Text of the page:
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Laboratory  

 
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Curriculum Vitae
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Publications
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Other

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Shainn-Wei Wang, Ph.D.

E-mailGswwang@mail.ncku.edu.tw 

TELG06-2353535 ext 4218(off.) ext 4217(lab.)

FAXG06-2095845

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Educations / Professional Experience

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Educations

Diploma:

  • 9/1996-9/1992: Ph.D. The Pennsylvania State University (Genetics)

  • 9/1992-9/1990: M.S. The Pennsylvania State University (Genetics)

  • 1983-1987:  B.S. Fu-Jen Catholic University (Biology)

@ Thesis:
  • Wang, S.-W. (1996). Biochemistry and cellular biology of the interaction of Bacillus thuringiensis CryIC toxin with Spodoptera exigua midgut epithelial cells in vitro.  The Pennsylvania State University.  Ph.D. dissertation.

  • Wang, S.-W. (1992). Purification and characterization of the Platinota idaeusalis baculovirus pathogenic to Apple bud moth. The Pennsylvania State University.  M.S. dissertation

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Current Position 8/2005-current Adjunct Assistant Professor,The National Health Research Institute of Clinical Medicine and Department of Pathology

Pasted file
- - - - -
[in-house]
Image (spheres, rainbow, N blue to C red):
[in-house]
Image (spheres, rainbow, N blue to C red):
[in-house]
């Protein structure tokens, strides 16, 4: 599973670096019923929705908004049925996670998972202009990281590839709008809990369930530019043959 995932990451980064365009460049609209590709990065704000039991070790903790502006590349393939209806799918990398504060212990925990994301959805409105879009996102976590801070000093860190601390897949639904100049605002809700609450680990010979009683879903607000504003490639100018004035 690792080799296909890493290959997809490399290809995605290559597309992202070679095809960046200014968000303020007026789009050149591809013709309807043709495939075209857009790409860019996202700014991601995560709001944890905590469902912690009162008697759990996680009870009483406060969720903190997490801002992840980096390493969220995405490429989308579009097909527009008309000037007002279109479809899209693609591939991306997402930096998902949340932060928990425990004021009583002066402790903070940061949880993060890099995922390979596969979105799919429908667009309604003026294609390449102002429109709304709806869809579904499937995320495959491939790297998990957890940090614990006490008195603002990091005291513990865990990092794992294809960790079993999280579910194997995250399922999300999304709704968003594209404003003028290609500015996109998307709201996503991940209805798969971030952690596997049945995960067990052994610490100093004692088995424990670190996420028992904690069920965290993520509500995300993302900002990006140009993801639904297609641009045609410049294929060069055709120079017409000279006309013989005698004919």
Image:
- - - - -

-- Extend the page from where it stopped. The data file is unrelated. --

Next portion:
@ 8/2004-current Adjunct Assistant Professor,The Institute of Basic Medical Science of NCKU
@ 8/2004- current

Assistant Professor,Institute of Molecular Medicine, National Cheng Kung University Medical College

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Professional Appointments

@ 9/1997- 7/2004 Postdoctoral Research Fellow, Harvard Medical School/Childrens Hospital
@ 9/1996-9/1997 Postdoctoral Research associate, Pesticide Research Laboratory, Inter-college program in Genetics, The Pennsylvania State University
@ 1993-1996 Research assistant, Pesticide Research Laboratory, The Pennsylvania State University
@ 1989-1990 Research technician, Fu-Jen Catholic University, Microbiology Laboratory
@ 1986-1987 Internship (HPLC certificate), Asian Vegetable Research and Development Center, Plant physiology Department
@ 1985-1986 Internship: Fu-Jen Catholic University, Plant Ecology La
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@ Major Administration Activities & Services
  • 8/2004-8/2009: Bio-safety P3 Lab Committee, NCKU, College of Medicine

  • 8/2004-8/2009: IMM Faculty Recruitment Committee, NCKU, Medical School

  • 8/2005-8/2009: IMM Graduate Student Recruitment Committee

  • 8/2005-8/2006: IMM Teaching Coordination and Improvement Committee, NCJU, Medical School

@  Affiliations
  • AAAS (American Association for the Advancement of Science)

  • SAPA (Sino-American Pharmaceutical Professionals Association-New England)

  • GSAS Harvard Biotechnology Club

  • TSAB (Taiwan Scholar Association in Boston)

  • TAS (Taiwan AIDS Society)

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Expertise /Research Interests

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Immunology/DNA vaccine; mucosal and cellular immunity

Advanced Virology/Biology of RNA viruses; viral-host interaction and pathogenesis

Cellular Biochemistry/Protein biochemistry; vesicular trafficking; membrane signaling

Molecular Genetics/Transcriptional and translational regulations

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Current research focus: